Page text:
Following the release of his debut album, Trap Lord, we sat down with Darold Ferguson, Jr., better known as A$AP Ferg, to discuss the making of the record, his inspiration, and his plans for the future.
What was one of the most memorable moments of the recording process for Trap Lord?
Just being in the studio in LA, spending the night in the studio. Being there day-in, day-out recording, mixing, and just enjoying the music. The whole creative process was so dope. Meeting Onyx was one of the highlights and then I met Bone Thugs the next day. It was overwhelming.
How do you plan on topping the Bone Thugs collaboration?
Oh, I'm not worried about topping it. I'm growing musically, so I don't have a problem putting out anything I make because I know whatever I put out next is going to be better. I don't have a problem topping myself… [laughs]. I don't have a problem topping myself musically and sonically because I'm always growing as an artist. I'm always getting exposed to new things and other artists to work with. Whatever I'm into at the time is always going to be better than the last thing I was working on.
Who are some of the creative individuals that you look to for inspiration?
I've been looking at a lot of Harmony Korine's work, Spike Jones; I've been watching a lot of Spike Lee films — old Spike Lee films. I've been looking at artists like Salvador Dalí and Mark Rothko. I just recently went to the Jean-Michel Basquiat exhibit at the Gagosian Gallery.
How would you say life has changed the most since your record deal with RCA?
I went from being home with my mom telling me, “You have to get up and get a job, you have to get out of the house. I don't care what you do, if school is not working for you… you need to do something. I don't want you being on the corner every day.” I went from that everyday to my mom crying on the phone saying that I don't spend enough time with her, that I don't see her enough. It's like a totally opposite effect. I went from being home all the time to never being home, not seeing any of my old friends.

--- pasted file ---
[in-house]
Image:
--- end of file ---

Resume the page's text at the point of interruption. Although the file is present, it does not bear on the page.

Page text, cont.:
It's got to be tough.
Yeah, it's tough...but at the end of the day, when you have a goal in mind, you look past all of that stuff because you know how it's going to be in the future. I can foresee what's going to happen already. I've been ready for this for so long.
Your father was involved in a lot of design work when you were a child. Is that what sparked your interest in designing? Would you say that he was the first real influence?
Yeah I would say so, because I was around him. He was the first person that showed me what art was, he showed me how to paint and print T-shirts. I was around all of the logos and the imagery, and as far as his shop…having Puffy come through to pick up his T-shirts, I was around that growing up and I'm sure that played a really big influence in my life, musically and artistically.
You and A$AP Rocky were in a rap duo before each of your solo careers took off. Is there a possibility that we're going to get a collaborative project from the two of you like Watch the Throne?
Of course, I don't see why not. In fact, not just with Rocky. I'd like to do a collaborative project with each member from A$AP.
You've mentioned that you have an old soul. What's all that about?
I think it's just my thought process, by knowing what's out there. Knowledge makes your soul older…by me being knowledgeable I know more than my peers, so it appears as if I'm older. It's like A$AP Yams, we call him the "Guru" or "Yoda" of hip-hop because he knows so much about hip-hop, even before his time and past his time. That gives him an old soul.
Is that a common characteristic of all the members of A$AP, an old soul?
No, not all of them [laughs].
What's next for you?
The world. I'm really going to be the best. I've got what it takes to be the best. I always said to my friends, “Yo, Kanye and his friends are cool. Look how cool they are: they dress nice, they got nice shoes.” But wait until they meet me and my friends, and me and my friends have arrived. The Trap Lord is now here, they should have never let me in the game in the first place, and I’m taking this over.